impression on the actors, but for Rampling in particular, the script struck a
chord. Her husband Jean-Nöel passed away earlier this year, and
so as the internationally acclaimed actress has trod the awards trail, a
heartbreaking personal resonance has persisted. She would find comfort in the
wellspring of praise from the public upon the film’s release.

“The gratifying part is that people are really very affected
by this film,” Rampling said. “It started with the critics, who were
the first ones to push and push and push it. They were so incredibly involved
with this film, they got it. They went with it, took it and carried it, and then
the audiences followed along. The film holds people. Talking about Jean-Nöel
passing away, and I’m in the midst of this moment of
extreme sadness in my life, but at the same time I’ve got this film
being held with reverence and love and kindness. It’s… it’s

2015 on Film

With the year winding down and all major critical bodies
concocting lists passing judgement on the greatest films of 2015, it seemed
worth a shot to grill Courtenay and Rampling on their favorites in the last
twelve months as well. Both actors keep busy working schedules and made sure to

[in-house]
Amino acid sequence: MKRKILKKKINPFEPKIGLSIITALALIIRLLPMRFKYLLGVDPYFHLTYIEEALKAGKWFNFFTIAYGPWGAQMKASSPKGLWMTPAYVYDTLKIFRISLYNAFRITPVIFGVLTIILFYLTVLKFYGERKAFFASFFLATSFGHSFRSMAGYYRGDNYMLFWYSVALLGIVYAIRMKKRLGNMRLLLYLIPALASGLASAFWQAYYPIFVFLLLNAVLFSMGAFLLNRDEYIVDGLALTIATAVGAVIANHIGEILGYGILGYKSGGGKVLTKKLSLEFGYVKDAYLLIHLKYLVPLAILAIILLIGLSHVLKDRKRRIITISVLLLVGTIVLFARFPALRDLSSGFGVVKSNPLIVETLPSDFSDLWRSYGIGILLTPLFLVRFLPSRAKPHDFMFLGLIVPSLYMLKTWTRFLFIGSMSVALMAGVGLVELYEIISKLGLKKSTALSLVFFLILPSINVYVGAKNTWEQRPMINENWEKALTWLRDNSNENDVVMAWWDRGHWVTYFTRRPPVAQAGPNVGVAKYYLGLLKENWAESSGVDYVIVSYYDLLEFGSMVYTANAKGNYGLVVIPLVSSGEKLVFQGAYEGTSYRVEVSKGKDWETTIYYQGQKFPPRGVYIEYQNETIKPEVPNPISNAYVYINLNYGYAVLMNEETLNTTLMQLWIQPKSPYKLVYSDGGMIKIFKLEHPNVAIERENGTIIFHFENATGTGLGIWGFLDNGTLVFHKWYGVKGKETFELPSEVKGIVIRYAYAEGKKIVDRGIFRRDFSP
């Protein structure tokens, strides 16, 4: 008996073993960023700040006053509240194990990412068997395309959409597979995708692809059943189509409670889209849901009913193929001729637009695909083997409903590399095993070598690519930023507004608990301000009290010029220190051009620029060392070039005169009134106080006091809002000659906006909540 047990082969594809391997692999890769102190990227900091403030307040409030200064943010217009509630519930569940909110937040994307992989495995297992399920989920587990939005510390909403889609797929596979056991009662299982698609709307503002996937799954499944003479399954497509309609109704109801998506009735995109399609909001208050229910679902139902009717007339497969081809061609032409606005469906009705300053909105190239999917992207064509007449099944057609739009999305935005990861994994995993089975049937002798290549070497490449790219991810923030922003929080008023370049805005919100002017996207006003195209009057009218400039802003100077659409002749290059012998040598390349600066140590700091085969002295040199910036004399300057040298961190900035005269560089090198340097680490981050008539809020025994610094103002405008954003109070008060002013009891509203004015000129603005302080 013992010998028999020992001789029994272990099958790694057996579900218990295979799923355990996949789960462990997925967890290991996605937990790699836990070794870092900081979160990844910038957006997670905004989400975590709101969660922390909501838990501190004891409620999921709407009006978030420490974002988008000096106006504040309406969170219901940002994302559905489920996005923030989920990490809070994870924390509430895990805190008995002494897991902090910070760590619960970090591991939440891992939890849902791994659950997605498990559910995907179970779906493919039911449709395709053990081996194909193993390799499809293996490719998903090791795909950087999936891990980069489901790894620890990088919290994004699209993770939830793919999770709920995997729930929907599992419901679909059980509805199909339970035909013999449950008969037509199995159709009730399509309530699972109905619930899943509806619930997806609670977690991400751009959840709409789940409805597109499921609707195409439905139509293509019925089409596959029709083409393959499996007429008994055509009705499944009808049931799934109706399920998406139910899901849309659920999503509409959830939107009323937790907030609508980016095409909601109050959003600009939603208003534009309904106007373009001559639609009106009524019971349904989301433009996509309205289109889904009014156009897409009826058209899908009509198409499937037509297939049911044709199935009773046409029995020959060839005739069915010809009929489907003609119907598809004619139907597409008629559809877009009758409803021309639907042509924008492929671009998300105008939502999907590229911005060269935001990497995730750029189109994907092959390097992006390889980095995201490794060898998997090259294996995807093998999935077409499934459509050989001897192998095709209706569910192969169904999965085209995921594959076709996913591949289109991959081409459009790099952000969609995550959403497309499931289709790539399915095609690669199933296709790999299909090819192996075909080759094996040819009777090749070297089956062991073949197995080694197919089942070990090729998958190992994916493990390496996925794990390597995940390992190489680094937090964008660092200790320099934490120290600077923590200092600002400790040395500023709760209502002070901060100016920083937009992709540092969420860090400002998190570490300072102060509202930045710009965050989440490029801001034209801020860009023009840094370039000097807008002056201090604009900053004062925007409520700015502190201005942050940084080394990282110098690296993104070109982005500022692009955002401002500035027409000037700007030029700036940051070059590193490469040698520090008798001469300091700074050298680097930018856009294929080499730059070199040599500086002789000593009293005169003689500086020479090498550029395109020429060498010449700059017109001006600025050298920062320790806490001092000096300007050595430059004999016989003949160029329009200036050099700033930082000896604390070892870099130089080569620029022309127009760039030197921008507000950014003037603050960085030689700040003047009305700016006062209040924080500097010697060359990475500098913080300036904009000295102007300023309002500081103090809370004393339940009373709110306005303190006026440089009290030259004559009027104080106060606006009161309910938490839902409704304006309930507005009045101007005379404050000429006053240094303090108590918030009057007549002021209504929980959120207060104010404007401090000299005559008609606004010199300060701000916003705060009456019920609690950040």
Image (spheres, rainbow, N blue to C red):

preface their picks with an admission that they weren’t able to see
nearly as many movies as they’d have liked this year. (But then, who
is?) Regardless, the pair showed love for some crowd-pleasing indies from both
sides of the Atlantic.

“I know the producer of ‘Brooklyn,’ but
I absolutely loved that film,” Courtenay said. “I got drawn into the girl’s story, and I got very upset
thinking, ‘Has she done wrong? Has she made the wrong decisions?’ I
felt very involved, and I love getting involved in that human way with her fate
and her plight.”

“I just saw ‘Room,’ I’ll
say that one,” Rampling offered. “It’s a very
emotionally intense film. They get it, it was disturbing but beautifully done.
Nothing’s too much, it’s just there and grabs you in a very
alarming way. That’s the kind of cinema I really like.”

“45 Years” opens on December 23.

READ MORE: James Franco’s Movie Column: Why Charlotte Rampling is Trying Something Different in ’45 Years’